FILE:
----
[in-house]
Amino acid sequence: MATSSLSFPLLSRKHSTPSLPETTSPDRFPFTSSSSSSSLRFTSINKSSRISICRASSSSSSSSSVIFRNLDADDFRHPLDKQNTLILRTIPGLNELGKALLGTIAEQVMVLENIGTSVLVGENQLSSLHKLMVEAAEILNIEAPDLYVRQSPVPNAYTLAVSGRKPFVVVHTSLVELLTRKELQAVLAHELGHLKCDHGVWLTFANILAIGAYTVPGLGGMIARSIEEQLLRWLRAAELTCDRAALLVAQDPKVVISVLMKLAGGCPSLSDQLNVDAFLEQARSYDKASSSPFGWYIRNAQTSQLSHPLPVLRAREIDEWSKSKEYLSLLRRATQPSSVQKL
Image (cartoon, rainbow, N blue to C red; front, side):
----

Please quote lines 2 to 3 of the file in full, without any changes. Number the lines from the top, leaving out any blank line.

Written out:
Amino acid sequence: MATSSLSFPLLSRKHSTPSLPETTSPDRFPFTSSSSSSSLRFTSINKSSRISICRASSSSSSSSSVIFRNLDADDFRHPLDKQNTLILRTIPGLNELGKALLGTIAEQVMVLENIGTSVLVGENQLSSLHKLMVEAAEILNIEAPDLYVRQSPVPNAYTLAVSGRKPFVVVHTSLVELLTRKELQAVLAHELGHLKCDHGVWLTFANILAIGAYTVPGLGGMIARSIEEQLLRWLRAAELTCDRAALLVAQDPKVVISVLMKLAGGCPSLSDQLNVDAFLEQARSYDKASSSPFGWYIRNAQTSQLSHPLPVLRAREIDEWSKSKEYLSLLRRATQPSSVQKL
Image (cartoon, rainbow, N blue to C red; front, side):